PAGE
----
Oro-nasal and Oro-antral fistulae in Dogs

Oro-nasal and Oro-antral fistulae in Dogs

Health & Safety

When a dog develops an oro-nasal or an oro-antral fistulae, it can make life very uncomfortable for them which in short means their condition needs to be assessed by a vet sooner rather than later and they would be typically referred to a veterinary dentist so the problem can be surgically resolved. Both oro-nasal and oro-antral fistulae form in a dog's mouth for a variety of reasons and they often trigger a respiratory tract infection.

The Causes

All too often, a dog may develop either an oro-nasal or an oro-antral fistula as a result of some sort of complication after a tooth extraction which is typically either a maxillary canine or carnassial tooth. The complication arises when the opening where a tooth once was fails to close over and heal as it should. This allows microorganisms to enter which is when all the inflammation and damage starts. Other reasons why a dog might develop the condition could include the following problems:

  • Trauma to the mouth
  • A foreign body lodged in the mouth which includes splinters, twigs and other things dogs often pick up in their mouths

It's worth noting that a fistula might already have developed in a dog's mouth before a tooth has been extracted and if a gap forms between a dog's oral and nasal cavity, then this would need to be carefully closed to resolve the problem. Should the fistula form after a tooth is removed, a gap typically takes about 6 weeks to develop because it takes around this length of time for the tissues around an extracted tooth to heal.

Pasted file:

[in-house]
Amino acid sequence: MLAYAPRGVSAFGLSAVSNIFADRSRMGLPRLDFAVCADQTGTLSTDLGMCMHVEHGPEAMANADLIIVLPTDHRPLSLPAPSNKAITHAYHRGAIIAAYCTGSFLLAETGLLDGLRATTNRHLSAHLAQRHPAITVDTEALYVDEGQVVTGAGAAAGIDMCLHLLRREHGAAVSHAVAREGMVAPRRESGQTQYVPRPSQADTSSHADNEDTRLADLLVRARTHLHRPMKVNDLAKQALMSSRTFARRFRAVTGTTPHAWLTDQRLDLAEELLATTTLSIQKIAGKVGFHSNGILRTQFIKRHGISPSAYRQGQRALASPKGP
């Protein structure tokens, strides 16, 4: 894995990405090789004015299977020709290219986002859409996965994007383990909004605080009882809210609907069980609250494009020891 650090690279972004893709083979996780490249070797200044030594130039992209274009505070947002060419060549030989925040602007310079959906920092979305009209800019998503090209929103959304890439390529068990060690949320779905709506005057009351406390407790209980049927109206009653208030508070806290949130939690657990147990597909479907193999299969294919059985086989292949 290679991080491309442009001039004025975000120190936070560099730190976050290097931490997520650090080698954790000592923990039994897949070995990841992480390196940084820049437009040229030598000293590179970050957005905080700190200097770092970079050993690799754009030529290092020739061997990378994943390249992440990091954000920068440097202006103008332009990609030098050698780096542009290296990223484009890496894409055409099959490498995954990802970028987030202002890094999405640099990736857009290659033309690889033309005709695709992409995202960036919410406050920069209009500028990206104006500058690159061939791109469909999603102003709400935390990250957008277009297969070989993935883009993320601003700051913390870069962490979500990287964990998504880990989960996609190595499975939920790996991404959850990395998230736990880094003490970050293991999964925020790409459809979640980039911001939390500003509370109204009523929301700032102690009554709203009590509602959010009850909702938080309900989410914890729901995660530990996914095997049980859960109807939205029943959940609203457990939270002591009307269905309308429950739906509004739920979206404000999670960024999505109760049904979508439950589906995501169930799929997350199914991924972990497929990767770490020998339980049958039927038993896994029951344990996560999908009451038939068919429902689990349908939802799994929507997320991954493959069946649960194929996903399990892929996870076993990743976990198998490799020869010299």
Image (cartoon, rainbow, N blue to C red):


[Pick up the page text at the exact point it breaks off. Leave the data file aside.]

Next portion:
Breeds Most at Risk

Studies have established that some breeds are more predisposed to suffering from Oro-nasal and oro-antral fistulae than others, although any dog can develop either condition during their lifetimes. The breed that's known to be more susceptible is as follows:

  • Dachshund

The Problems Associated with Fistulae

There are several ways in which a fistula can cause problems for a dog, not forgetting the pain and discomfort it causes them. Should the hole be large, food and water could easily get into a dog's nasal cavity and this presents a big problem because they could end up inhaling the contents. This can lead to all sorts of health issues which includes the following:

  • Chronic rhinitis
  • Aspiration pneumonia - in a worst-case scenario and life-threatening condition

Treatment Options

A vet might well refer a dog to a veterinary dentist so their condition can be expertly assessed before deciding on the best treatment option. Most of the time, the veterinary dentist would surgically correct the problem by using specific procedures that involve closing the gap between a dog's oral and nasal cavity. A dog would need to be hospitalised for the surgery to be carried out because they would need to be put under general anaesthetic. Once they have recovered from surgery, a dog would typically be allowed home, but would need to be given a course of antibiotics with an end goal being to prevent any infection from taking hold. It is essential that dogs be given the complete course of antibiotics for the treatment to be effective.


Once a dog's condition has been diagnosed and the gap successfully closed, most dogs recover quickly without any complications. However, it is important to keep a close eye on the condition of a dog's mouth, gums and teeth to make sure no infection has taken hold. If a dog developed chronic rhinitis as a result of having either an Oro-nasal or an oro-antral fistula, they would need to be treated for the condition with an end goal being to resolve the problem.



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